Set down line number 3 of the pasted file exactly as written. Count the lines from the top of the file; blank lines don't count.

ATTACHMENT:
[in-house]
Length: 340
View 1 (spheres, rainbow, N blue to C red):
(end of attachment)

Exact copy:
View 1 (spheres, rainbow, N blue to C red):